The aguaje tree grows abundantly in the Peruvian jungle and is known for its brightly colored egg-shaped fruits which are used to make juices and ice creams. But most people don’t realize that the plant has many other important uses.
This palm has fan-shaped leaves reaching heights of around 35 meters. One of its interesting features is its secondary root system which allows it to breathe underwater in swamps, which makes it a very versatile tree. It’s also worth noting that its leaves reach five meters in length.
The plant is most well-known for its fruits, which are of a maroon color, and are shaped like eggs. When they ripen they turn cherry or garnet red. The aguajes produce large clusters of fruits that are highly coveted by birds, monkeys, pigs, and humans. It is a dioecious plant, that is, it has male and female plants. It is the latter that produce the fruits.
The aguaje grows in flooded soils or with drainage. It also grows in permanently flooded areas, where it grows along with other types of palm trees. It is also found on the edge of the high jungles, in which it has adapted to live in non-flooded lands.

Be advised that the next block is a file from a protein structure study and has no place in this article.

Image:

The aguaje grows across more than six million hectares on the Peruvian Amazon, of which about three million correspond to pure stands with a density of 300 palm trees per hectare. Its fruits are coveted by humans. The pulp of the fruits is used to obtain aguajina, which is the basis for making drinks and ice cream. Its leaves are used for roofing and, in some rural areas, logs are used to make houses and even boats. Baskets, mats, and belts are made from the fiber of its leaves. The fruit also has an oil that retains its lubricating properties even at very high temperatures. Their dry trunks are used by the macaws to establish their nests. But it also attracts another coveted resource in the amazon: worms. The tree’s trunk serves as is an important food for a certain kind of worm known as suri which is considered to be a delicacy.
Cover photo: Flickr
Source: Guia de Identificacion de Especies de la Fora y la Fauna de Peru